My system has given in last 2 months a few warnings, of inverter overload. But when I check there was no apparent overload from vrm data. I am getting concerned. My inverter is just over one year old.
Just a side note:
I also checked with Victron, my invertor was not on the list of the recalled units of the MPII defected units. Although it has the round bolt and not the square bolt. Apparently the new units have the square bolts.
Should I be concerned, what can I do to debug/find about this error?
This has nothing to do with the electrical load of the inverter
To understand load average, you need a little bit of understanding of how operating systems, multi-tasking and CPUs work. I’ll just dumb it down to this: A computer actually cannot do more than one thing at a time (okay, maybe a few things depending on the number of cores, but it remains limited). So what it does is switch really quickly between task to give the illusion that they are running simultaneously. It is like someone alternating between walking and chewing bubblegum: If he were to alternate really quickly, you would not be able to tell when he is chewing and when he is walking.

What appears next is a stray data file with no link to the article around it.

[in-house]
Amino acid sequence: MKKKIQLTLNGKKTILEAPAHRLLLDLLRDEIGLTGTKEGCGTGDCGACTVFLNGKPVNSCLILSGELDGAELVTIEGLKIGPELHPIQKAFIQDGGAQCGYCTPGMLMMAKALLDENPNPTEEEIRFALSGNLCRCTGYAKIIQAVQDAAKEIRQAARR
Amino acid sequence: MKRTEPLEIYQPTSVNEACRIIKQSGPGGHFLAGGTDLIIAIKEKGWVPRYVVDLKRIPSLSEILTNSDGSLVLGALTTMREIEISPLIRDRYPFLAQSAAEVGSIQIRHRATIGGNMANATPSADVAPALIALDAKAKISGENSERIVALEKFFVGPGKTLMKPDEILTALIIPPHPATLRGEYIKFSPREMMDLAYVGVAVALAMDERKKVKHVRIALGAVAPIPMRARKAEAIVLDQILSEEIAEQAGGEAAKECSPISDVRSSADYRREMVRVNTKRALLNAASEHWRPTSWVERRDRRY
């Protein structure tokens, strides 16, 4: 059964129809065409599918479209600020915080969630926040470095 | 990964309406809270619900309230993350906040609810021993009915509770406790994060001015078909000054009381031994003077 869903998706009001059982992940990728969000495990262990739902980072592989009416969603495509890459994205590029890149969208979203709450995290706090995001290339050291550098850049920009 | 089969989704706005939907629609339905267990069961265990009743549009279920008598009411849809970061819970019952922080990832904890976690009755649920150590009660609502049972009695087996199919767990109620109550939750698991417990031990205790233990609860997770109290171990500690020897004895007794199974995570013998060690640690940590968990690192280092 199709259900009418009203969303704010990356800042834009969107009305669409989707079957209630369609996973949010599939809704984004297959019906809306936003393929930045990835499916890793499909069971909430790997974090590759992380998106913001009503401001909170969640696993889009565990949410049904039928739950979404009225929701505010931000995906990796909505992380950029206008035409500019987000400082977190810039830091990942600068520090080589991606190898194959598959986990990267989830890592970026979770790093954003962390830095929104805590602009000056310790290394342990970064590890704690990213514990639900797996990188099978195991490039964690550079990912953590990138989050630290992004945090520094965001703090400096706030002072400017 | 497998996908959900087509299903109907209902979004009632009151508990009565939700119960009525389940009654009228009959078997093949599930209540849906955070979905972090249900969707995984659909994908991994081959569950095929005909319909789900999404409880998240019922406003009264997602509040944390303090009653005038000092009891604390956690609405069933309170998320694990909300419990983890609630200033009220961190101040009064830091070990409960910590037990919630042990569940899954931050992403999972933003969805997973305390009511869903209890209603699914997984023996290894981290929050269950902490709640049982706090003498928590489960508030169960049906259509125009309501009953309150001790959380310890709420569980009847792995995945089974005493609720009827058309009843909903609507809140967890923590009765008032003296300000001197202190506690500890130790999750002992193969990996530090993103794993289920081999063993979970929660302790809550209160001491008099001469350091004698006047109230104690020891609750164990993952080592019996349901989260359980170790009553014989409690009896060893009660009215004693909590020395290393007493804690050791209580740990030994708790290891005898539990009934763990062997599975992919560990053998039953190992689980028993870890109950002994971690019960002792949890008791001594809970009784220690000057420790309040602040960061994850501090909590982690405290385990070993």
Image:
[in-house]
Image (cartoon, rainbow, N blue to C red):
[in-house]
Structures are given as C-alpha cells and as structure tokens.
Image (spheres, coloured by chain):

So in an OS there will be a number of processes (which is unix speak for programs) that are runable, in other words nothing is blocking them (such as waiting for data to arrive from the disk or some other slow process), the only reason they aren’t running right now is because the CPU is running another process. These runable processes are all in a queue, and the average length of this queue is the load average.
Unix has three of these numbers, which are the averages over 5 minutes, 10 minutes, and 15 minutes. A load average over 5 or 6 is considered extreme. On venus, the watchdog will reboot the device if the load average is too high, ie if the GX device is being overworked.
So this is what hapened, an if it happens only a few times a month, I would not worry about it too much.